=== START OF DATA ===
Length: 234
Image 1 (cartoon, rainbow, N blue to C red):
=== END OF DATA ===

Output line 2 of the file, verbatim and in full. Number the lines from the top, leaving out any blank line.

Image 1 (cartoon, rainbow, N blue to C red):